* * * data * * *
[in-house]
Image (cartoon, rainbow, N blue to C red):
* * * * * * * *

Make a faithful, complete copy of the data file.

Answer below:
[in-house]
Image (cartoon, rainbow, N blue to C red):